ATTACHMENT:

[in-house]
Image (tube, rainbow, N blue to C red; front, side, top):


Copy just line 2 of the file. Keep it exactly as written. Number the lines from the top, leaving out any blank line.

Image (tube, rainbow, N blue to C red; front, side, top):